We were just finishing our Friday walk when Lisa hesitantly told me: “Um, I’m taking Matilda to the vet this morning and . . . she won’t be coming home.”
I had known this was coming, but I couldn’t help feeling bereft as she shared the news. I had pretty much adopted the life philosophy of: “Well, it’s Lisa’s cat.” (And definitely her litter box.) But as we got back to the house, I saw Matilda padding from one room to the other, and it hit me hard that in a few hours, this fragile ball of fur would be gone. A life that was part of the sunshine of our home for fourteen years would be gone. I tried awkwardly to pet her a bit, but after a couple of strokes, she gave me the familiar haughty look and eased into the shadows behind the guest bed.
Later, Lisa was heading to work and I went out to the garage to see her off. Then I saw the cat carrier with Matilda inside, as she and Lisa took their last ride together. And I just lost it. I’m a strapping 60-year-old man, but as I crouched next to our kitty and tried to say goodbye, things got very, very damp. At 9:30 that morning, I was taking notes in a college meeting, when I remembered that Lisa was at the vet’s, protectively cradling our pet in her lap, and then going out to her little Mazda and bursting into tears, sobbing against the steering wheel . . . and all I could do was swallow hard and murmur a prayer.
So it has been a tender weekend for us. And I think about something Jesus once said. “My friends, you are worth much more, but even a sparrow never falls to the ground without my Father knowing about it.” Is that really true? Is it possible that the God who oversees the entire universe, the far-flung galaxies, was aware of our kitty’s last breath before twilight and her much-deserved sleep? Or is Matthew just stretching a heart-tugging Hallmark metaphor?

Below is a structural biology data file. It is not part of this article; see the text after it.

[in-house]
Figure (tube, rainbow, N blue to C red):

I’m convinced that not only does God know about sparrows and kittens, He cares deeply. If anything about our heavenly Dad is real, it is the INFINITY of His awareness and compassion. My daughter Karli, whose math Ph.D. in the field of trace forms of abelian functions has permitted her to wade just a little more deeply than I into the ocean of mathematical mysteries, told me about a computer that has discovered the largest prime number so far. (There are many more yet to be explored.) This one takes, oh, a mere 2,500 pages just to print out. Does God know that number by heart? And the ones far beyond? Of course. Does He know how many grains of sand there are on the world’s beaches and how many constellations there are in the billions of galaxies out there? Has He shaped and named and loved and protected every dog and cat and canary to come into His domain? No question, no problem. A. W. Tozer once wrote that “God knows instantly and effortlessly all matter and all matters.”
However, effortlessly does not mean emotionlessly. I understand Jesus’ testimony about His Father’s care to mean that God not only sees when the sparrow falls, but He winces with the reality of what sin costs in our world, and tenderly reaches down and smooths that sparrow’s feathers, cocooning that lifeless form on the sidewalk. “It’s okay, Sammy,” He murmurs. “You were My good little birdie and I love you. Now sleep well.” Our fragile friend Matilda is gone from our home but not from our Father’s heart.
I realize that she was just a cat, but this hymn addresses our grief over our farewells both great and small:
Does Jesus care when I’ve said goodbye
To the dearest on earth to me
And my sad heart aches till it nearly breaks
Is it aught to Him? Does He see?
Oh yes, He cares, I know He cares
His heart is touched with my grief
When the days are weary, the long nights dreary
I know my Savior cares
Good night, sweet kitty.